Tuesday, April 16, 2024

πŸ“– 🏴󠁧󠁒󠁳󠁣󠁴󠁿 The Lek 16/04/24

Up with the larks this morning for a few hours drive around the Cabrach. This area is located on the northern edge of the Cairngorms National Park and is about a 40-minute drive from my home. It's a beautiful but remote and sparsely populated area consisting of mountainous terrain, stretching ten miles (16 km) wide by eight miles (13 km) long.

View across the Cabrach from the roadside.

The main reason for the early start was to catch the Black Grouse lek and I managed six Black Grouse, all in the surrounding open fields. Unfortunately, the sun was shining almost directly at me and photography was difficult. 

Black Grouse

Not one of my best photos of Black Grouse

While parked up a couple of Buzzards were displaying high up in the distance, plus a couple of 'cronking' Ravens passed overhead with plenty of Meadow PipitsCurlew, Oystercatchers, Lapwings & Skylarks, all regular nesting species here. Common Gulls and Black-headed Gulls also breed here and several pairs were noted.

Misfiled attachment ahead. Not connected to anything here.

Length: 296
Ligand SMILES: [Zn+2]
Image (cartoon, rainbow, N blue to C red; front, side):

A female Wheatear on a roadside fence 

A few summer migrants are now beginning to arrive and a Willow Warbler was seen, along with at least three Wheatear. I say three but I'm pretty sure I picked up a few distant birds. 

Song Thrush takes a breather. 

On the edges of the surrounding woodland, a few Song Thrush along with Chiffchaff, Wren, Robin & Chaffinch all singing and doing their best to attract a mate against a stiff northerly breeze.


When I was up here with Theo de Clermont, one of my Warwickshire buddies, earlier in February we managed Golden Eagle and Goshawk but disappointingly none today. Another raptor normally encountered while on the Cabrach, Hen Harrier was also another of today's absentees. Also of note today was a single Dipper on the Burn of Redford and a large mixed flock of Siskin/Lesser Redpoll, around 100 or so. A bitterly cold day with a stiff northerly breeze may well have had an influence on today's absentees but it's always a treat to see a lek.

A Few More Images of the Visit...


Oystercatcher display.

A pair of Wheatear